Stafon Johnson’s draft diary: ‘I have to learn to be patient’

I knew I wasn’t going to be 100 percent, the way I wanted to be, when I went to the Combine. But through this whole process and on toward the draft, I just want to go out and show I can compete, even when I’m not 100 percent.

For the first time since his injury, Stafon Johnson did 13 reps of 225 pounds in the bench press at the NFL Combine.
For the first time since his injury, Stafon Johnson did 13 reps of 225 pounds in the bench press at the NFL Combine.

I can still compete and stand out under this kind of competition. That’s what I want to show: Even if I’m hurt, I’m going to be tough enough to do the things I need to do. I’m not going to back away.

It’s funny, at the Combine the teams mainly wanted to see if I could interpret defenses and make sure I’m not a character-issue guy. A lot of them actually didn’t even know I was going to work out there—the players, too.

Everybody asked the same questions: Are you going to train? Are you really going to do this? Are you really going to do what everybody else is going to do? And I’m like, "Yeah, why not?" Whatever I did was a plus, and only a good thing.

I’m not scared to fail because I know in the back of my mind all of this is a plus for me. I know I’ve got less than a month left for everything to be on line for the pro day at USC. I can’t get there on March 31 and say, "Well, I wasn’t ready."

In the coming weeks, I’ll work on the little things I’ve seen that I can work on. A lot of what I’ve done so far is just the evaluation stage for me. The Combine was the first time I did 225-pound (bench press) rep since before my injury. That was the first time I was able to run a time for a 40-yard dash.

A lot of things I’m trying to build off of, but it’s hard sometimes. I’m typically used to getting in the 4.4-4.3 range in the 40, and when you come in in the 4.6s, well, I’m mad because of my expectations.

I’m like, "I know this is not me." But you have to look at the bright side and go from there.

You’ve got to trust in yourself, trust and see how things are. It tells you a lot about yourself. It tells you exactly where you can change certain things, things that can make you a better person when you get through the adversity.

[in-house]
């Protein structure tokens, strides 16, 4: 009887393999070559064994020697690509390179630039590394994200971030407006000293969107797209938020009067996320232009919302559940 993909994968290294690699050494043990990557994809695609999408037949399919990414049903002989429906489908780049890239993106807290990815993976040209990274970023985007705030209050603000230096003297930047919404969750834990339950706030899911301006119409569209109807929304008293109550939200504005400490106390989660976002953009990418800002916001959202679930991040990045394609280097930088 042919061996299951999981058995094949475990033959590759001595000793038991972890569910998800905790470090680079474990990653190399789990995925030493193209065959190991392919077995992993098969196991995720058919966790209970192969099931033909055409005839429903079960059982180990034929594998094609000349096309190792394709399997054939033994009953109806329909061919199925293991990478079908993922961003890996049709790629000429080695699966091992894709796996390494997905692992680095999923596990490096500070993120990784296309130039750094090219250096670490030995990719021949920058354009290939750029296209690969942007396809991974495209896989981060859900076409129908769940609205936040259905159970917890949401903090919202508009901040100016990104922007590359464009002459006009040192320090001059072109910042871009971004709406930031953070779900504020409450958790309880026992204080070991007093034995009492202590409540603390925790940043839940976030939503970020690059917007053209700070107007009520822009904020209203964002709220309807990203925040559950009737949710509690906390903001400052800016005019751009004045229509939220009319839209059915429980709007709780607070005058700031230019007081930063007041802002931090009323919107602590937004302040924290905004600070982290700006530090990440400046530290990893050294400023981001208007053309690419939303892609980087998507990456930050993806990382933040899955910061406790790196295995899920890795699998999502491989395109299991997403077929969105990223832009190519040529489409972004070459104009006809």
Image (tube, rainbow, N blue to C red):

You know, everybody can cook good at home, but when you can cook good somewhere else, it kind of tells you what kind of person you are. When you run into adversity and you’re not at home, you’ve got to compete.

The best part of this is being able to correct things and it not hurting you. Because not only is it getting you ready to do what you have to do—to perform in front of the coaches for the numbers— but it actually makes you a better football player because you’re working on the little things.

The hardest thing is wanting so bad to get back so fast where I was before my injury. I’m probably at the point where I have to learn to cool myself down and learn to be patient.

Everything’s coming, but you’re so anxious that you just want to hurry and get back. It’s coming, it’s coming. March 31 is coming, too. I’m aware of that.

As told to Bob Hille

About the author

Stafon Johnson USC RB

Johnson was the Trojans’ second-leading rusher when he suffered a near fatal weightlifting accident in September. Now, only months later, he has recovered from a crushed throat and larynx. He was at the NFL Scouting Combine, and now he’s gearing up for USC’s pro day on March 31. He’ll chronicle his journey to the draft for Sporting News.

This story first appeared in the March 10, 2010 edition of Sporting News Today. If you are not receiving Sporting News Today, the only daily digital sports newspaper, sign up today for free.